Currently Banks, Insurance companies, Auto companies, Real estate companies, Manufacturers of all persuasions, and a host of other Industries need capital. They can't borrow it, and most already have debt loads they can't service. The "market" rising right now makes no sense if compared to the economic situation of the day – but if a rising market helps draw private investors into these capital starved companies, it allows the bankers and Wall Street to "live another day". With the help of the Presidents Working Group on Capital Markets, and some well placed futures buying from the major institutions (Goldman, JPM, and Citi) a rise was manufactured that caught the fund managers short, and then the fund managers and hedge funds had to scramble to "get in". And that becomes slightly self-sustaining, as they fear missing the run up more than getting clobbered again. Then, as the ‘sometimes misleading’ economic reports to look better than they possibly could, it "gives hope" to more people, and those people decide to "get in" before the market leaves them behind.
For example: A Friday Headline: “Led by a large decline in energy prices, U.S. consumer prices were unchanged in April after seasonal adjustments and have fallen .7% in the past 12 months, the largest decline in 54 years , the labor department reported Friday.” Excuse me – prices are falling where again? Oil was up $10 / barrel - Gasoline (according to AAA) was up 24 cents / gallon - Food prices are up - Medical costs are up - Education is up. BUT – the "government’s seasonal adjustments" to these figures were ENORMOUS - allowing the government to post the above headline. Therefore - to the average person – “things are getting better.”
Oh and what about the retraining for ‘better jobs’ in this world economy: "A Labor Department audit found that only 1 in 5 who participated in programs for displaced workers found jobs for which they had been retrained; nearly 40% ended up working part time or for less than they had earned before; 28% had not yet found any work at the end of their training."
In the here and now, we see the market stumbling a bit – and louder are coming the calls to retest the lows. Yet I think the probability of that happening right now is very low. Yes we could still get a "correction" but it's not going to be as deep as everyone thinks. Why? Because everyone is looking for this big deep retrenchment, so they can hop in at a cheaper price, and when the bulk of the investing world is expecting something to happen, it will not happen. Everyone will try and "get in ahead" of the next guy, and it will automatically short circuit itself. Could we fall a total of 8 - 10% → maybe → but right now, we can't even seem to manage a 5% pull back, let alone 10. The market won’t do what everyone wants it to do, but it will do what it wants to do – which is keep inching higher, trying to prove to the world that the healing is upon us and all will be well. Just realize that even if I'm right and we move ever higher into and through the summer, it's the ultimate suckers rally. We'll want to take the ride, but we will want to step off and go short when it's over. Don't sit there and "buy and hold" forever, you'll get crushed. Take this rally for what it is, and then when it tops out – get out.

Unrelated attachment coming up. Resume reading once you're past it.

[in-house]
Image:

We sold the last remaining shares of FAS at 12.73 → up 400%.
We sold the last UYM at 19.70 → up 59%.
We sold the last BUCY at 27.77 → up 40%.
We sold the last GMXR at 17.24 → 72%.
- Inflation is roaring no matter what Uncle Sam says, and tangible assets (think commodities like iron, agri, coal) will do well.
- Technology will become more important as struggling companies replace workers with machines.
- Remember that a rising market lifts all boats, and a falling market exposes the fragile the most. Watch the market for signs of the trend, and pick your spots.
Remember the Blog http://rfcfinancialnews.blogspot.com/. Be careful and talk to you next week.